Photo courtesy : Internet
Off late several companies had become extremely concerned for moonlighting by their employees. Moonlighting is a term that signifies involving in a second job for profit while being in a full time employment. The 2020 covid pandemic has increased the tendency for moonlighting for employees in several companies including the tech companies as most of the workplaces reduced the salaries of employees and this caused huge financial tension for many. Legally moonlighting may or may not be safe for many: many European countries, US, Canada, Australia etc, may allow employees for moonlighting. Even academicians including teachers, university professors may also choose for a second job when they are off duty. But the problem arises when the employees go for moonlighting with the company data.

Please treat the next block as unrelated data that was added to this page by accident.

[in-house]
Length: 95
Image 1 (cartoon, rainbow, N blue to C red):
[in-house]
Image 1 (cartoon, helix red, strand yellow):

Why and how Moonlighting becomes an offence and who are the victims? in 2022, Tesla terminated an employee for showcasing and discussing certain automobile features in his YouTube channel. Interestingly running a YouTube channel had not been considered as moonlighting even though such activities may help the YouTuber to earn profit. But this was considered as offensive by the company because the employee actually criticised certain products using the company data which only he could access being an employee. Now consider the other side of the coin: if this employee had secretly sold the company data to other competing company for profit or may had been engaged in moonlighting works like consumer preference analysis, product marketability analysis, business analysis or even employee data analysis with the help of the confidential data of his employer company, he would have been definitely subjected for legal liabilities and he may even have the chance for being jailed. This may no longer remain simple harmless moonlighting. Rather, it may involve data privacy breach by the concerned employee because he may have violated the integrity and confidentiality of the data owned and maintained by the companies.